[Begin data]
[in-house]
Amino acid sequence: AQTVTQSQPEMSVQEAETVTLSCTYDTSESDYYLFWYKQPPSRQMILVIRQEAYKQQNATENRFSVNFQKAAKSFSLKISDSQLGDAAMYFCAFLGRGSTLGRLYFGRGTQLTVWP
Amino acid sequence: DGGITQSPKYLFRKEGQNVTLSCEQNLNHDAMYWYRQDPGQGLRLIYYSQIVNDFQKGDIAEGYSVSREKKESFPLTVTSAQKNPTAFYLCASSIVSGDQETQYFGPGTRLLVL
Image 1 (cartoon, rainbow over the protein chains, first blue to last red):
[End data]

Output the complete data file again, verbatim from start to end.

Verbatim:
[in-house]
Amino acid sequence: AQTVTQSQPEMSVQEAETVTLSCTYDTSESDYYLFWYKQPPSRQMILVIRQEAYKQQNATENRFSVNFQKAAKSFSLKISDSQLGDAAMYFCAFLGRGSTLGRLYFGRGTQLTVWP
Amino acid sequence: DGGITQSPKYLFRKEGQNVTLSCEQNLNHDAMYWYRQDPGQGLRLIYYSQIVNDFQKGDIAEGYSVSREKKESFPLTVTSAQKNPTAFYLCASSIVSGDQETQYFGPGTRLLVL
Image 1 (cartoon, rainbow over the protein chains, first blue to last red):